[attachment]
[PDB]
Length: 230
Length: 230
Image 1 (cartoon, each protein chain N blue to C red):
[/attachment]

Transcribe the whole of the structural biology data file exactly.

[PDB]
Length: 230
Length: 230
Image 1 (cartoon, each protein chain N blue to C red):